Jurors Get Case of Houston Armored-Car Heist

HOUSTON (CN) – He’s been dead for two years, but the suspected mastermind – a meticulously clean, aspiring real estate developer who police say shot and killed two armored-car guards with a sniper rifle – loomed large over a robbery trial that wrapped up Thursday in Houston federal court.

Counsel for four men charged with helping Redrick Jevon Batiste in a foiled plot to shoot an armored-car courier at a North Houston bank in December 2016, snatch a cash bag and drive off told the jury Thursday in closing arguments that Batiste was a master manipulator.

Prosecutors say Batiste fatally shot the two guards in March and August 2016 at long range from a hole he cut into the back of a white Toyota 4Runner.

Attorney Nicole DeBorde represents Nelson Alexander Polk, 40, who prosecutors claim drove the getaway car in the August murder of Loomis armored-car courier David Guzman.

They told the jury Polk was behind the wheel as a masked man jumped from the vehicle and snatched a bag filled with $120,000 cash.

Though Polk allegedly confessed to his involvement in that theft, and the foiled December robbery plot, prosecutors did not play any recording of his confession for jurors. The jury only heard testimony about Polk’s purported confession from a law enforcement officer.

In closing arguments, DeBorde said Polk was the perfect patsy for Batiste. She said Polk was homeless, living in a vacant lot down the street from Batiste’s house in the Acres Home neighborhood of northwest Houston when Batiste recruited him for his robbery schemes.

“Polk thought he was a king and thought he had figured out how to live a good working life,” she said.

Batiste reportedly got a haircut and manicure every week, owned three modest Houston homes, worked for a roofing company and had aspirations of opening a salon and day care.

The government put on lots of evidence: Excerpts from phone conversations Batiste had with his alleged accomplices after the FBI tapped his phone, and GPS tracking data and audio and video footage from a Jeep Cherokee rental that Batiste stole after police, knowing he planned to steal it, bugged the vehicle.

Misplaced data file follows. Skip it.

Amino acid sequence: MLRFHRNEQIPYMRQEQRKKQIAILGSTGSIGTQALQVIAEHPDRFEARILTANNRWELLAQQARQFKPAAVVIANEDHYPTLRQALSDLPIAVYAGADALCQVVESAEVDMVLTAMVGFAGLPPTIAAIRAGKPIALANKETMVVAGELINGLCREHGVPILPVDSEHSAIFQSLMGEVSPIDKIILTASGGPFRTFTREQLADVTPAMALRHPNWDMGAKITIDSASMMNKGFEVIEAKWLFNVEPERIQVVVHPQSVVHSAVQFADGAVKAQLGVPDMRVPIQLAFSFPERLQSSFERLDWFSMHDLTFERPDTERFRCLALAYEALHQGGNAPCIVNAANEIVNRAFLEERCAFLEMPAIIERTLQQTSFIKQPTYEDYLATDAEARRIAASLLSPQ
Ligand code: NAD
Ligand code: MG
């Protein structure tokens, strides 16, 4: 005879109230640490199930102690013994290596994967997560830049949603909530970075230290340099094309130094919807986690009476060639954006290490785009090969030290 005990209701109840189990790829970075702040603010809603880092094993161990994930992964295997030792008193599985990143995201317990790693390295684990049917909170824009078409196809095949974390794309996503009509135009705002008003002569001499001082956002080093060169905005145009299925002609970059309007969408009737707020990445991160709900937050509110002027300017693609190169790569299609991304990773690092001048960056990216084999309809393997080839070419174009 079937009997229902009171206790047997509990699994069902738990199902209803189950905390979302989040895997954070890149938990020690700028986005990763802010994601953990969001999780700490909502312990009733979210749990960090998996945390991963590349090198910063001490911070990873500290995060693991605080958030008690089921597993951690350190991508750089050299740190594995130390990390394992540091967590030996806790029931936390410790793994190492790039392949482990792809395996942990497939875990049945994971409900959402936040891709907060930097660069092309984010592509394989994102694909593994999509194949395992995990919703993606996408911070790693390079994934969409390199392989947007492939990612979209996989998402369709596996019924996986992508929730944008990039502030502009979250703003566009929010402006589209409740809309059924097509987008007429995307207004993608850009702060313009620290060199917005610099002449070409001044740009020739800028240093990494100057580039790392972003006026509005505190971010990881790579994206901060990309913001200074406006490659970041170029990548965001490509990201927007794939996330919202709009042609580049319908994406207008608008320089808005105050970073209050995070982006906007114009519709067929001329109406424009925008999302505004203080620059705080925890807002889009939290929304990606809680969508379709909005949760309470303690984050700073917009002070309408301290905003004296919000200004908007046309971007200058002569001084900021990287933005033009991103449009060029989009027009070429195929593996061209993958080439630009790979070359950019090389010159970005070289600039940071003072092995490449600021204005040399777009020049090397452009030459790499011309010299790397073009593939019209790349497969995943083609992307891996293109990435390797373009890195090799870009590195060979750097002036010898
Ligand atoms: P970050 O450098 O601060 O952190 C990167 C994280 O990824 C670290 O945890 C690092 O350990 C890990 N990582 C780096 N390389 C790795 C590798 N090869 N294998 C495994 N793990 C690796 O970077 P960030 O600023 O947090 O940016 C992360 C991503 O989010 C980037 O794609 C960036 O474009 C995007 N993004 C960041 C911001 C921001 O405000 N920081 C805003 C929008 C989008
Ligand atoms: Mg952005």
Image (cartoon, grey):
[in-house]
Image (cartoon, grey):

In November 2016, according to prosecutors, police observed Batiste, Polk and another man, Marcus Hill, casing an Amegy Bank in North Houston watching a Loomis armored car dropping cash off there, and nailing down the schedule of its stops.

DeBorde said, “The government has an outstanding case against a very nasty individual. A manipulative, conniving, smart individual named Red Batiste. We know how Batiste manipulated throw-away human beings who had the misfortune to cross his path.”

In addition to Hill and Polk, others charged in the case include Bennie Charles Phillips, 31; John Edward Scott, 43; and Trayvees Duncan-Bush, 31.

Duncan-Bush pleaded guilty in September 2018 and testified for the prosecution that Phillips had recruited him to be the cash pick-up man for the planned heist.

Phillips sat very still throughout the closing arguments. Wearing a sweater vest, his neck tattoo barely visible over the stiff collar of his white shirt, his bushy goatee hanging over his brown bow tie, he looked as if he was heading to college classes after the hearing.

His attorney David Cunningham said he has an airtight alibi: He was meeting with his parole officer on Dec. 7, 2016, as Houston police sprung their trap on Batiste and company.